Blast in northern Syria kills at least 36

An explosion in northern Syria killed at least 36 people on Sunday (Monday NZ Time) and wounded many others, but the cause of the blast wasn't immediately known, opposition activists said.

This photo provided by the Syrian Civil Defense White Helmets, which has been authenticated based on its contents and other AP reporting, shows Syrian White Helmet civil defense workers with bulldozers work at the scene of an explosion that brought down a five-story building, in the village of Sarmada, near the Turkish border, north Syria, Sunday, Aug. 12, 2018. Syrian opposition activists say the explosion killed several people and wounded many others. The cause of the blast wasn't immediately known. (Syrian Civil Defense White Helmets via AP)
Source: Associated Press

The opposition-run Syrian Civil Defense, first responders also known as the White Helmets, said the blast occurred in the village of Sarmada near the Turkish border, killing 36 people and wounding many others. The explosion collapsed two five-story buildings, burying many of the victims, it said.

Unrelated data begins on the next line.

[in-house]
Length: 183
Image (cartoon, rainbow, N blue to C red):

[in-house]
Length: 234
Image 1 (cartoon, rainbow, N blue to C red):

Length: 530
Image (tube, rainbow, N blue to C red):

The Britain-based Syrian Observatory for Human Rights put the death toll at 39, including 21 women and children.

This photo provided by the Syrian Civil Defense White Helmets, which has been authenticated based on its contents and other AP reporting, shows Syrian White Helmet civil defense workers remove a body from the rubble at the scene of an explosion that brought down a five-story building, in the village of Sarmada, near the Turkish border, north Syria, Sunday, Aug. 12, 2018. Syrian opposition activists say the explosion killed several people and wounded many others. The cause of the blast wasn't immediately known. (Syrian Civil Defense White Helmets via AP)
Source: Associated Press